The tale is told in two voices; the eponymous Micka and his new found friend Laurie. Both characters come from broken homes and have already been damaged by their experiences. In the course of the book both characters undergo further degradation. This is especially true of Micka. Some of the events in his family are quite simply horrific, and this reader found some of the scenes actually quite difficult to read. The two "voices" irritated me from time to time, but I suspect that this merely reflects their authenticity all the more.

There is a feeling as the story unfolds that the boys are headed towards a horrific crime and this proves to be the case, although (without giving the ending away) what actually happens is not what you might expect.

The horrific exploitation of Micka clearly acts as a root cause of his behaviour. Despite the crimes he commits, Frances Kay manages to evoke some sympathy for the character, by providing him with an authentic voice which allows us to understand and sympathise with him rather than simply writing him off as a monster. The juxtaposition of the two character's narratives also drives the story well and allows us to appreciate differing perspectives and to understand the petty jealousies and other motivations which drive the boy's relationship.

Micka is not an easy book. If you want a nice beach read then look elsewhere. However, if you want a challenging narrative which explores controversial issues, you should give this a try.
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7 of 7 people found the following review helpful By J. Cronin VINE VOICE on 12 July 2010
Format: Paperback Vine Customer Review of Free Product ( What's this? )
Micka has to be one of the most poignant and heart-breaking stories I have ever read.it follows the life of Micka (a poor council-flat child) and Laurie, the disturbing offspring of divorced middle-class parents.

Micka is hungry, cold and frequently physically abused by his older brothers. He finds some refuge in a gypsy camp, in his artwork and dreams of owning a pup. Despite all the nastiness and violence in his life, he is innocent, but powerless to protect himself.

This debut novel from the strong voice of Frances Kay is, at times, downright disturbing and horrific. Yet, it is clear that such events are real and happen to children on a regular basis. It shapes their lives, and drives them to do things that appear perfectly normal due to the warped dimensions of their world.

Micka is not a happy novel, it is not a pleasant read. It is very very good.
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6 of 6 people found the following review helpful By J. Lyne VINE VOICE on 3 July 2010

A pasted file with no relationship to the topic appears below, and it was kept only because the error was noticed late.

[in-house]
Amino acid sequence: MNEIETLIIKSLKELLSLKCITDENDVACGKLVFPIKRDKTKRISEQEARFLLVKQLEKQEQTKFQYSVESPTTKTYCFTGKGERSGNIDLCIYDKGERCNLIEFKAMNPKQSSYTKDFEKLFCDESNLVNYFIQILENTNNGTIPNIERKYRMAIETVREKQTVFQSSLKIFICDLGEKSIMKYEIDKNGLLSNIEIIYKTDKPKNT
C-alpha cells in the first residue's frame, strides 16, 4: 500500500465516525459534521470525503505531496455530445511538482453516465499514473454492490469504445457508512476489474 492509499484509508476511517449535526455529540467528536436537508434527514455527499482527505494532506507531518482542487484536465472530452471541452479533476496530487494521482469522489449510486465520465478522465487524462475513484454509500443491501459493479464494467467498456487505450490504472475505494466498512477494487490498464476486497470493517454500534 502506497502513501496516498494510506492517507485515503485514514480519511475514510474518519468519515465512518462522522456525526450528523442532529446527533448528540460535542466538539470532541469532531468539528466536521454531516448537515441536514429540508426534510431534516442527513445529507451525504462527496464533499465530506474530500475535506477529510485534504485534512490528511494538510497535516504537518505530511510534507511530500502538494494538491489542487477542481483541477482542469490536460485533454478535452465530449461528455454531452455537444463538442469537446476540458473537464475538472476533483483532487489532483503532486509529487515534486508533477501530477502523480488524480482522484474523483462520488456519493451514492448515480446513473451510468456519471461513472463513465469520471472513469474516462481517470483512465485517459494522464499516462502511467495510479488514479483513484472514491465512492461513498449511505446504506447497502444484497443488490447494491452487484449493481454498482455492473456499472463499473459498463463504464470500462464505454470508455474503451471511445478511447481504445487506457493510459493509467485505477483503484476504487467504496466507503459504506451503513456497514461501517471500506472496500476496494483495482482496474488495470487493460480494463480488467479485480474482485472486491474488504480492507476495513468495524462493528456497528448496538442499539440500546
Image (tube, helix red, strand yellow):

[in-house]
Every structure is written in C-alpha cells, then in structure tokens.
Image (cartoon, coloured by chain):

Format: Paperback Vine Customer Review of Free Product ( What's this? )
This book came as a bit of a shock.

The book is about two young children, Micka and Laurie who meet up at school. Micka is from a very disturbed family, and is constantly being beaten and abused by his older brothers. Laurie's parents have split up and his Mum seems to care little for him. The children begin a troubling friendship that leads to a horrifying climax via some pretty disturbing events.

It is written in the style of the children thinking and speaking, and this makes some of the scenes both more realistic yet at the same time more horrific. There are times when I had to put the book down for a while before getting up enough courage to press on. But despite the horror the story is very compelling, and you have to turn to the next page to find out how the inevitable climax unfolds. And by the end I actually began to feel sorry for Micka, as despite the things he has done I found it hard to blame him for it as opposed to all of the other people in his life abusing and exploiting him.

It would seem from reading about the author that she has some experience of young offenders, and this knowledge comes through quite clearly whilst you are reading the book. A brilliant debut novel.
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5 of 5 people found the following review helpful By Green Knight on 29 July 2010
Format: Paperback
This is the story of a small boy from Newcastle. His name is Michael, but they call him 'Micka'.

From the moment that Frances Kay's debut novel begins, there is a horrible inevitability about the book. The spare prose, the brutal phrasing, the graphic cruelty on almost every page sucks the reader into the tormented life of Micka - a life born of poverty, deprivation and abuse, the like of which most readers can only imagine, and would probably prefer not to think about.

The book is difficult to put down, but that does not mean it is an easy read. It isn't. It hurts. The jolting truth in every sentence hurts in the way that Micka is hurt again and again, and the fact that sympathy is always tempered by horror at the boy's twisted actions hurts most of all. The detached lack of sentiment in the writing serves only to pack a punch even more powerful than the fists of Micka's bestial brother.

Ms Kay is to be congratulated. She has held up an uncompromising and uncomfortable mirror to the vileness that recent history has managed to create in whole swathes of our society. There is true social conscience here - and it is infinitely more effective than any political manifesto.

If this is the author's first novel, then her second will be well worth waiting for - though with trepidation rather than eagerness. It will be compulsive reading, of that there can be no doubt - but it probably won't be much fun.

MICKA is, quite simply, superb.